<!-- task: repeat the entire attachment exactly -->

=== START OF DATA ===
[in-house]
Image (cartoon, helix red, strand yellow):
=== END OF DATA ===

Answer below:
[in-house]
Image (cartoon, helix red, strand yellow):